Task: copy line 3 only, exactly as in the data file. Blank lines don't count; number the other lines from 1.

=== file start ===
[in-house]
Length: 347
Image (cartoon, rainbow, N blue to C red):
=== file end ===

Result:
Image (cartoon, rainbow, N blue to C red):